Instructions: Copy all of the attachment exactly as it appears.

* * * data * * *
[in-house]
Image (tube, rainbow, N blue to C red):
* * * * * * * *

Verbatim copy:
[in-house]
Image (tube, rainbow, N blue to C red):